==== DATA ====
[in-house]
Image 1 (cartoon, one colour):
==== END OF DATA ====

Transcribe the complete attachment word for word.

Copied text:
[in-house]
Image 1 (cartoon, one colour):